Owen Balloch, Marketing Manager, Kodak Alaris Information Management, explores how partners can guide their customers through the maze of new data regulations, by providing solutions to digitise hard copy documents, enabling businesses to locate and retrieve personal information quickly
The General Data Protection Regulation (GDPR), set to come into force in May this year, will force organisations to re-think how they keep, secure and process customers’ data.
The new regulation is designed to hand power back to the owner of the data. For example, any citizen or organisation wishing to be deleted from a database has the right for every record relating to them to be removed without trace, for example, where the data subject withdraws consent or where there is no compelling reason for the continued processing of that data. The onus is on the database owner to ensure they have kept track of these interactions and can readily comply with such a demand.
Are your customers GDPR-ready?
GDPR provides the channel with an opportunity to have a different conversation with customers about the business benefits of digitisation – as a reliance on manual, paper-based processes to store, manage and distribute information is not only a barrier to successful digital transformation, but may also be a more labour-intensive process following implementation of GDPR.
Organisations already face huge challenges meeting regulatory requirements for securing data. It is ubiquitous, embedded in countless repositories and enters organisations in multiple formats including email, email attachments, voice, image and video files.
With paper, it’s almost impossible to know which documents contain personal data, such as the data subject’s name, age, address, date of birth, passport number or credit/debit card details; what personal data is currently stored; where documents containing personal data are located; and more importantly, ensuring the organisation can delete that information, when required. The same applies to other data, including images and digital documents.
Under GDPR, in addition to the high standards for obtaining a data subjects’ consent and rights for data subjects to restrict a company’s processing of their data amongst other things, an organisation must have the ability to fnd out all references to an individual across all their systems, for example to enable the data subject to ‘access’ the data you hold about them, request the rectification of data held by you as well as to delete all references to them upon request.
To do this data controllers must be able to locate the information in a timely manner – which can be difficult when paper files and documents are dispersed throughout the organisation, in filing cabinets and storerooms, often across multiple ﬂoors, offices or sites.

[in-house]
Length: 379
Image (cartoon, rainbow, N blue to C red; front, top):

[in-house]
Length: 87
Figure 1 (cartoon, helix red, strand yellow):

A significant portion of business workﬂows are still paper-based and the pressing requirement to conform to various different legislative requirements across all sectors is one of the key drivers for digital transformation.
Today’s complex data environment requires an integrated approach to information management. Successful digital transformation begins with information capture and an information capture ecosystem comprising scanners, software, services and partners, designed to remove complexity, plays an integral part in enabling organisations to address regulatory compliance requirements.
With GDPR, organisations will need to know which documents contain personal data, what personal data is currently stored, why the personal data is stored and what consents are in place for processing of such data, where those documents are located and that they can delete that personal data if requested.
Once documents are scanned, the existence of data subjects’ personal information needs to be identified across and within all digital records, so that organisations can take the first step towards understanding what they need to do to ensure that they are GDPR compliant.
The same applies to document images such as TIFFs, JPEGs and non-searchable PDFs, as well as digital documents including Word, Excel, searchable PDFs, etc. that might also contain personal data.
Customers will need help corralling the mountain of data dispersed throughout their organisation into one central source, enabling them to identify and retrieve personal data they may hold on data subjects.
Alaris scanners and software solutions make it easy to seamlessly digitise legacy fles as well as capture new information as it enters an organisation.
The ability to find, classify and monitor personal data is critical to GDPR management, software providers, one of which is Folding Space, offer an automated, easy to use, software programme, GDPR Discovery, which can assist organisations in avoiding the heavy fines and reputational risk associated with non-compliance.